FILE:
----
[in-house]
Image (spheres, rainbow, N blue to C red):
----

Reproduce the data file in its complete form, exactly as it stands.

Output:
[in-house]
Image (spheres, rainbow, N blue to C red):